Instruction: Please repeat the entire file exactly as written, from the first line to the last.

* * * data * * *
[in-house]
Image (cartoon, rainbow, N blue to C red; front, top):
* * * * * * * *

[in-house]
Image (cartoon, rainbow, N blue to C red; front, top):